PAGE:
Title III of the Americans with Disabilities Act (ADA) prohibits discrimination against people with disabilities in places of public accommodation, which include private businesses that are generally open to the public. Title III lists twelve categories of businesses that provide public accommodations such as hotels, restaurants, and movie theaters. As businesses that are generally open to the public, Instagram and Facebook should be categorized as places of public accommodation under the ADA. However, Title III does not mention online businesses because it was adopted in 1990 when the internet was in its infancy. As a result, under Title III, places of public accommodation were typically brick-and-mortar business, and few online businesses fit that mold.
Federal courts have been divided on the issue of whether internet businesses are covered by Title III. In National Federation of the Blind v. Scribd Inc., an internet-based document repository was deemed a place of public accommodation. The Vermont court reasoned it wouldn’t make sense for people to be treated differently by the law if they bought an insurance plan from a brick-and-mortar store or bought a similar policy from an online vendor. However, in Cullen v. Netflix , a Northern California court disagreed, finding that because Netflix’s streaming services are not connected to any “actual, physical place,” Netflix is not subject to the ADA. In National Association of the Deaf v. Netflix, a Massachusetts court reached the opposite conclusion . It said Congress did not intend to limit places of public accommodation to the examples listed in Title III, and excluding companies that deliver services online from the definition would frustrate Congress’s intent that people with disabilities “fully enjoy the goods, services, privileges and advantages, available indiscriminately to other members of the general public.”
The Massachusetts court’s argument is compelling. When Congress adopted the ADA, it could not have envisioned how dependent society would become on internet platforms for commercial and personal communication. Including internet business within Title III’s scope, and granting people with disabilities equal access, is consistent with the spirit of the ADA. Facebook and Instagram’s new policy is a good example of why Congress should amend Title III to clearly include internet businesses. Barring an amendment of the ADA, the issue could be resolved through further litigation, potentially at the US Supreme Court.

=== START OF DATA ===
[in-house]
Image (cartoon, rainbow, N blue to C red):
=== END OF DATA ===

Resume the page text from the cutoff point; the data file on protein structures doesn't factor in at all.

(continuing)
When asked whether Facebook’s new policy might amount to disability discrimination, Facebook's spokesperson said “Self-harm is not a mental illness and people who self-harm do not necessarily have a mental illness.” To be fair, NSSID is defined as a "condition needing further study" by the DSM-5. That means its diagnostic criteria are subject to change, and further research is needed to support its inclusion as an official diagnosis.
Nevertheless, NSSID's status as a distinct disorder is supported by clinical research. Regardless, the ADA does not require people to have a DSM-5 recognized mental illness to qualify as disabled. Instead, the law defines disability more functionally as “a physical or mental impairment that substantially limits one or more major life activities." Moreover, the World Health Organization defines disability broadly as "an umbrella term, covering impairments, activity limitations, and participation restrictions." According to the WHO, "disability is thus not just a health problem." Instead, "it is a complex phenomenon, reflecting the interaction between features of a person’s body and features of the society in which he or she lives." Through its self-harm policies, Facebook is shaping the contours of society in ways that may reinforce and contribute to people's' impairments and degree of disability.
Topics such as suicide and self-harm can be difficult to talk about, and it may be more comfortable to sweep them under the rug and pretend they don’t exist. But relegating these conditions to the far reaches of the internet is unlikely to help people and will likely make things worse. We must talk openly about these conditions because they affect millions of Americans who deserve to be treated fairly and given equal opportunity to participate in all aspects of society, including social media.
This article originally appeared on VICE US.